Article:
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When my kids were very young (I was a Single Mum) and my finances were very tight... I kept all leftover vegetables cooked for meals and put them into a large ziplock baggie in the freezer. When there was a large enough quantity...the kids and I would buy a cabbage, some other veggies and make a big pot of soup, some homemade biscuits and have a great "value" meal~

My daughter was likely the only one at her Gr.8 graduation with a beautiful, in vogue dress, which we paid all of $6.00 for at a second hand shop. Yeah! Why not...she wore it once and I believe too many folks get just ridiculous about the prices they pay for kids clothing.

Thanks for sharing your tips. I always appreciate reading more and knowing others' are paying attention to what really matters. We are far too instant and disposable, a society for our own good.

Cheers from Oshawa Ontario

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December 15, 20140 found this helpful
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I am 64 and I have always used my clothing (anything) till they are no longer wearable. When they become too ragged to wear I will take the buttons, zippers and anything else I can salvage for other things and then I take and make rags for my husband to use when he is working on our vehicles. If I have large enough pieces and they are in good shape they are saved in a box until I have enough to patch together to make a quilt. I take old ragged towels and make wash rags or dish rags. I have never had a dishwasher and we always put just enough soap into the water to clean the dishes. Nothing goes to waste in the house. Bread bags are saved for freezing food that we separate when we buy it or for leftover vegetables. I pick up wallpaper sample books and use them in my crafts which saves buying paper to make things with.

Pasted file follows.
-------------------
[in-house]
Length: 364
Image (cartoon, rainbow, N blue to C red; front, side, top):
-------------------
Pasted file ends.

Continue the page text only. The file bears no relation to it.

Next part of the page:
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You can wrap Christmas gifts with the comics of the newspaper if you get the Sunday paper for the coupons and if you have a sports fan save the pages from the sport they like and wrap presents in that.

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June 17, 20130 found this helpful

Those are very good tips! I admire you single moms who are showing their children that frugal and thrifty are NOT "bad" words!

As far as holes in socks have you thought about learning to darn? My mama taught me when I was very young (now 64) and the money it saves is amazing! It is also very relaxing. You don't have to buy a darning egg, either. Just use the old fashioned light bulbs as your darning egg. You can find instructions by doing a search online. Kudo's to you!

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March 7, 20140 found this helpful

I love the idea of "soup". As a way to get veggies into the family diet, I' e always served soup before the meal, and find that our portions are more reasonable. I grow a lot of vege's in summer and feeze them. I know what I am serving is healthy.